Kadlec, P., 2009. On robust and adaptive soft sensors. PhD Thesis (PhD). Bournemouth University.
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In process industries, there is a great demand for additional process information such as the product quality level or the exact process state estimation. At the same time, there is a large amount of process data like temperatures, pressures, etc. measured and stored every moment. This data is mainly measured for process control and monitoring purposes but its potential reaches far beyond these applications. The task of soft sensors is the maximal exploitation of this potential by extracting and transforming the latent information from the data into more useful process knowledge. Theoretically, achieving this goal should be straightforward since the process data as well as the tools for soft sensor development in the form of computational learning methods, are both readily available. However, contrary to this evidence, there are still several obstacles which prevent soft sensors from broader application in the process industry. The identification of the sources of these obstacles and proposing a concept for dealing with them is the general purpose of this work. The proposed solution addressing the issues of current soft sensors is a conceptual architecture for the development of robust and adaptive soft sensing algorithms. The architecture reflects the results of two review studies that were conducted during this project. The first one focuses on the process industry aspects of soft sensor development and application. The main conclusions of this study are that soft sensor development is currently being done in a non-systematic, ad-hoc way which results in a large amount of manual work needed for their development and maintenance. It is also found that a large part of the issues can be related to the process data upon which the soft sensors are built. The second review study dealt with the same topic but this time it was biased towards the machine learning viewpoint. The review focused on the identification of machine learning tools, which support the goals of this work. The machine learning concepts which are considered are: (i) general regression techniques for building of soft sensors; (ii) ensemble methods; (iii) local learning; (iv) meta-learning; and (v) concept drift detection and handling. The proposed architecture arranges the above techniques into a three-level hierarchy, where the actual prediction-making models operate at the bottom level. Their predictions are flexibly merged by applying ensemble methods at the next higher level. Finally from the top level, the underlying algorithm is managed by means of metalearning methods. The architecture has a modular structure that allows new pre-processing, predictive or adaptation methods to be plugged in. Another important property of the architecture is that each of the levels can be equipped with adaptation mechanisms, which aim at prolonging the lifetime of the resulting soft sensors. The relevance of the architecture is demonstrated by means of a complex soft sensing algorithm, which can be seen as its instance. This algorithm provides mechanisms for autonomous selection of data preprocessing and predictive methods and their parameters. It also includes five different adaptation mechanisms, some of which can be applied on a sample-by-sample basis without any requirement to store the on-line data. Other, more complex ones are started only on-demand if the performance of the soft sensor drops below a defined level. The actual soft sensors are built by applying the soft sensing algorithm to three industrial data sets. The different application scenarios aim at the analysis of the fulfilment of the defined goals. It is shown that the soft sensors are able to follow changes in dynamic environment and keep a stable performance level by exploiting the implemented adaptation mechanisms. It is also demonstrated that, although the algorithm is rather complex, it can be applied to develop simple and transparent soft sensors. In another experiment, the soft sensors are built without any manual model selection or parameter tuning, which demonstrates the ability of the algorithm to reduce the effort required for soft sensor development. However, if desirable, the algorithm is at the same time very flexible and provides a number of parameters that can be manually optimised. Evidence of the ability of the algorithm to deploy soft sensors with minimal training data and as such to provide the possibility to save the time consuming and costly training data collection is also given in this work.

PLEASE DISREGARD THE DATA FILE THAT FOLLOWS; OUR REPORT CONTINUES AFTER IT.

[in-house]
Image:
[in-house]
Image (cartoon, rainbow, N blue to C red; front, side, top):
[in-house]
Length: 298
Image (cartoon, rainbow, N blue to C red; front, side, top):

|Item Type:||Thesis (PhD)|
|Subjects:||Technology > Manufacturing and Design > Manufacturing|
|Group:||School of Design, Engineering & Computing|
|Deposited By:||Mrs Jill Burns|
|Deposited On:||10 Aug 2010 09:47|
|Last Modified:||07 Mar 2013 15:35|
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